Sunday, December 8, 2013
PORTLAND - It's Aug. 13, a warm Friday night in the Old Port, but to Sgt. Bob Doherty, it feels like a Tuesday -- quiet.
Though the night of Friday, Aug. 13, was uncommonly quiet in Portland's Old Port, closing time still resulted in a flood of young people on Wharf Street. This was the scene at about 1:15 a.m., a half-hour after last call.
Matt Wickenheiser photo
Oasis doorman Zack Swander, right, checks IDs at about 11 p.m. on the night of Friday, Aug. 13. Oasis and 51 Wharf are using ID scanners that flag any patrons who have previously caused problems at the bars.
Matt Wickenheiser photo
On Wharf Street, the heart of the city's nightlife district, a few hundred young people are hitting the clubs. But by Old Port standards, it's a compact and subdued crowd.
In a relatively small area where alcohol, people and hormones can come together with violent consequences, the most dangerous thing this evening has been numerous stiletto heels skittering crazily across cobblestones.
This summer, like other summers, the police department has beefed up its Old Port presence to help control the crowd. Doherty and a half-dozen other Portland police officers have been here since about 10 p.m. -- the lull before the approach of last call.
At midnight, an hour before the bars close, activity picks up. Lines form at two popular clubs, Oasis and 51 Wharf, as young people surge to make an appearance in the waning hours of the night.
Soon the bars start to empty, with groups of friends leaving in small packs. At 1 a.m., there's a flood of people a few hundred strong. 1:20, they're gone. Wharf Street is deserted. No fights, no shoves, no hard looks.
The Old Port has been a quieter place so far this year compared with last summer, with less crime and fewer conflicts, according to police statistics and the people who work or patrol there.
A comparison of police calls in the area from May 23 to July 28 last year and the same period this year shows the number of reported incidents dropped 27 percent, from 206 to 150. For this report, the Old Port is defined as the area bordered by Commercial, Congress, Center and Franklin streets. Within that area, there are dozens of drinking establishments.
"The officers are noticing smaller crowds and we're encountering fewer problems overall in the Old Port," police Cmdr. Vern Malloch said.
Crimes that often reflect on the area's nightlife, such as assaults, criminal mischief and disorderly conduct, dropped 18 percent, from 90 incidents to 74, according to department statistics.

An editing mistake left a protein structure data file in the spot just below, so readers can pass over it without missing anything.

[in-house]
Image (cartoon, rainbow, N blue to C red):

Police have taken extra steps to keep the peace in the area since a man was killed May 23 in Monument Square. Police charged a Gray man, who they say had been out partying in the Old Port, with manslaughter.
Authorities say William Googins, 20, punched Eric Benson once in the face. Benson fell, hit his head on the bricks and later died. According to police accounts, Googins and friends had been at the Oasis before walking to Monument Square. They began harassing a female companion of Benson's, police said, and then Googins hit him.
The incident may have turned some people off to the city's nightlife, keeping crowds down. The following Friday, which kicked off the Memorial Day weekend, was extremely quiet, police said.
Some Old Port patrons and security workers also raised another point: Benson's death and Googins' arrest may have given potential rowdies pause.
"It's in the back of everyone's mind," said James Kingsbury, security manager at 51 Wharf.
Adam St. Laurent of Acton was on Wharf Street with some friends last weekend. In the past, he said, there seemed to have been more "'bros' trying to fight." This time, he'd bumped a few people and spilled a drink or two without anyone taking offense. People are thinking twice before throwing a punch, he said.
"People got the fear that a fist can kill someone," St. Laurent said.
There are a number of other factors at work, including, surprisingly, the weather.
"This year in particular would be a significant decrease (in police calls) mainly because business is so far down, and business is down because the weather is so nice," said Douglas Fuss, owner of Bull Feeney's Irish pub. "When it's cloudy and cool, people come into town."
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